COVID-19 recovery choices shape future climate
A post-lockdown economic recovery plan that incorporates and emphasises climate-friendly choices could help significantly in the battle against global warming, according to a new study. This is despite the sudden reduction of greenhouse gas emissions and air pollutants during lockdown having a negligible impact on holding down global temperature change.
The researchers warn that even with some lockdown measures staying in place to the end of 2021, without more structural interventions global temperatures will only be roughly 0.01°C lower than expected by 2030.
However, the international study, led by the University of Leeds, with contributions of Climate Analytics’s researchers as part of the CONSTRAIN project, estimates that including climate policy measures as part of an economic recovery plan with strong green stimulus could prevent more than half of additional warming expected by 2050 under current policies.
This would provide a good chance of global temperatures staying below the Paris Agreement’s aspirational 1.5˚C global warming limit and avoiding the risks and severe impacts that higher temperatures will bring.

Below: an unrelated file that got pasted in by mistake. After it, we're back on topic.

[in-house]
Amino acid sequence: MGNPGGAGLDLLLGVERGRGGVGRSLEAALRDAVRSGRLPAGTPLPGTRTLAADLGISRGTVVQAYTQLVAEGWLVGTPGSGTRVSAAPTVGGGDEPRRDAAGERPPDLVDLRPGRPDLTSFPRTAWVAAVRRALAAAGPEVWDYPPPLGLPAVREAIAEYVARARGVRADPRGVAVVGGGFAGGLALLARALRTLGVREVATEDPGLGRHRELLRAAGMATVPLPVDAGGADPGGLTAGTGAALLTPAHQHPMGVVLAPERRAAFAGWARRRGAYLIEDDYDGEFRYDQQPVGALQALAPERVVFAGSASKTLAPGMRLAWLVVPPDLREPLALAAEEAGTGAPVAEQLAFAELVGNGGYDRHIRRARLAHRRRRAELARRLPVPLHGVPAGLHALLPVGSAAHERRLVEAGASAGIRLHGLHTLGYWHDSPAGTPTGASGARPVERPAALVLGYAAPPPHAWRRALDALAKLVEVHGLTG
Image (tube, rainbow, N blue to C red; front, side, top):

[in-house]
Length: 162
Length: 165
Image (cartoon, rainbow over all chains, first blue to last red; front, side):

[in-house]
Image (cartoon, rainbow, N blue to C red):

Professor Piers Forster from the University of Leeds began working with his daughter, Harriet, after her A levels were cancelled. They analysed the newly accessible global mobility data from Google and Apple. They calculated how 10 different greenhouse gases and air pollutants changed between February and June 2020 in 123 countries. They then brought in a wider team to help with the detailed analysis.
The team’s findings, published today in Nature Climate Change, detail how despite carbon dioxide (CO2), nitrogen oxides (NOx) and other emissions falling by between 10-30% globally, through the massive behavioural shifts seen during lockdown, there will be only a tiny impact on the climate, mainly because the decrease in emissions from confinement measures is temporary.
Change in CO2 emissions compared with national baselines in February, as the virus spread in China, and then in April, when lockdown measures were in force across the world.
The researchers also modelled options for post-lockdown recovery, showing that the current situation provides a unique opportunity to implement a structural economic change that could help us move towards a more resilient, net-zero emissions future.
Study lead author Professor Piers Forster, director of the Priestley International Centre for Climate at Leeds and Principal Investigator of the CONSTRAIN consortium, said: “The choices made now could give us a strong chance of avoiding 0.3˚C of additional warming by mid-century, halving the expected warming under current policies. This could mean the difference between success and failure when it comes to avoiding dangerous climate change.
“The study also highlights the opportunities in lowering traffic pollution by encouraging low emissions vehicles, public transport and cycle lanes. The better air quality will immediately have important health effects – and it will immediately start cooling the climate.”